Through the intentional displacement of significant amounts of library books from an educational institution (UCLA Arts Library), the piece exposes the under-used books available to students by recontextualizing them in an art gallery. The piece challenges viewers to reassess the historic value of books and libraries by checking out a bookcase-worth of books for a week. By wrapping the books in gold paper and placing a barrier around the bookshelf, they are stripped from their inherent function as a repository for information, highlighting the shift of books from a referential purpose to a reverential one.
On the Topic of: DMA
TL;DR: Inspired by Jeffrey Shaw’s Legible City, Illegible City explores our inability to communicate. It is an interactive piece where a viewer would write a letter that the custom software would convert into a 3D city for the viewer to explore. The viewer than has the option to share this letter with another for them to explore.
Illegible City is a homage to Jeffrey Shaw’s Legible City where a viewer can interact with a piece: traversing through a city made of words via bicycle in order to personally define the city they are traversing “accumulating its history” (Media Art Net).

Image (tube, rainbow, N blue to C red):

There are always words in our minds that we dare not say. From a little teenage boy wanting to tell his first crush his longing for her to be on his dodgeball team, to a dying grand father, wanting to tell his long lost son how much he loves him. Everyone have a story they want, but can not share. This piece explores our action of trying to convey to someone our heart, in ways that subverts its meaning. In doing the exercise, the viewer embodies his/her urge to say what he/she can not. It brings to the surface the emotion that is in all of us.
The exploration of the city explores the receiver end of human interaction. Many times, when we attempt to understand someone’s message, its meaning is lost in its construction. The city is a construction based on the message from the sender. Try as the receiving viewer might, however, the receiving viewer will not be able to truly decipher the meaning of the message. Was this a letter of love, or a letter of hate?
Although the viewer writes the letter, it is immediately converted into a 3D model representing it. This conversion is both a destructive and creative process as it destroys the original content and meaning in the letter, but creates a new representation with new data—that is the keystrokes. This new data is both is and not the letter. On one hand, it represents the thoughts that went into the letter, but at the same time it no longer contains the intended message. The letter “e” is both in love and hate. Thus the letter is of no consequence since no one can decipher it. Moreover, this process can be repeated ad infinitum since medium is digital and the program can be run forever.
Photos from UCLA Undergraduate Show 2013 UV/UG
Made in Processing.